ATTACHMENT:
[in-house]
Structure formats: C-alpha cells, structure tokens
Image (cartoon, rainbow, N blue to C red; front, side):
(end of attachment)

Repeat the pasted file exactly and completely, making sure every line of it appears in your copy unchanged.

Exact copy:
[in-house]
Structure formats: C-alpha cells, structure tokens
Image (cartoon, rainbow, N blue to C red; front, side):